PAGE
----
We are all well doers or evil doers. "None of us liveth to himself." We die, but leave an influence behind us that survives.

The echoes of our words are evermore repeated, and reflected along the ages. It is what man was that lives and acts after him. What he said sounds along the years like voices amid the mountain gorges; and what he did is repeated after him in ever-multiplying and never-ceasing reverberations. Every man has left behind him influences for good or for evil that will never exhaust themselves. The sphere in which he acts may be small, or it may be great. It may be his fireside, or it may be a kingdom; a village, or a great nation; it may be a parish, or broad Europe; but act he does, ceaselessly and forever. His friends, his family, his successors in office, his relatives, are all receptive of an influence, a moral influence which he has transmitted and bequeathed to mankind; either a blessing which will repeat itself in showers of benedictions, or a curse which will multiply itself in ever-accumulating evil.

Every man is a missionary, now and forever, for good or for evil, whether he intend and design it, or not. He may be a blot, radiating his dark influence outward to the very circumference of society, or he may be a blessing, spreading benedictions over the length and breadth of the world; but a blank he cannot be. The seed sown in life springs up in harvests of blessings, or harvests of sorrow. Whether our influence be great or small, whether it be for good or evil, it lasts, it lives somewhere, within some limit, and is operative wherever it is. The grave buries the dead dust, but the character walks the world, and distributes itself, as a benediction or a curse, among the families of mankind.

The sun sets beyond the western hills, but the trail of light he leaves behind him guides the pilgrim to his distant home. The tree falls in the forest; but in the lapse of ages it is turned into coal, and our fires burn now the brighter because it grew and fell. The coral insect dies, but the reef it raised breaks the surge on the shores of great continents, or has formed an isle in the bosom of the ocean, to wave with harvests for the good of man. We life and we die; but the good or evil that we do lives after us, and is not "buried with our bones."

The babe that perished on the bosom of its mother, like a flower that bowed its head and drooped amid the death-frosts of time - that babe, not only in its image, but in its influence, still lives and speaks in the chambers of the mother's heart.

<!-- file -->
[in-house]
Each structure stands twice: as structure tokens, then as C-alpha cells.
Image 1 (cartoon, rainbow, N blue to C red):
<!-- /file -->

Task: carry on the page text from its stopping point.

The friend with whom we took sweet counsel is removed visibly from the outward eye; but the lessons that he taught, the grand sentiments that he uttered, the holy deeds of generosity by which he was characterized, the moral lineaments and likeness of the man, still survive and appear on the tablets of memory, and in the light of morn and noon, and dewy eve; and, being dead, he yet speaks eloquently, and in the midst of us.

Mahomet still lives in his practical and disastrous influence in the East. Napoleon still is France, and France is almost Napoleon. Martin Luther's dead dust sleeps at Wittemburg, but Martin Luther's accents still ring through the churches of Christendom. Shakespeare, Byron, and Milton, all live in their influence, for good or evil. The apostle from his chair, the minister from his pulpit, the martyr from his flame-shroud, the statesman from his cabinet, the soldier in the field, the sailor on the deck, who all have passed away to their graves, still live in the practical deeds that they did, in the lives they lived, and in the powerful lessons that they left behind them.

"None of us liveth to himself;" others are affected by that life; "or dieth to himself;" others are interested in that death. The queen's crown may molder, but she who wore it will act upon the ages which are yet to come. The noble's coronet may be reft in pieces, but the wearer of it is now doing what will be reflected by thousands who will be made and molded by him. Dignity, and rank, and riches, are all corruptible and worthless; but moral character has an immortality that no sword-point can destroy; that ever walks the world and leave lasting influences behind.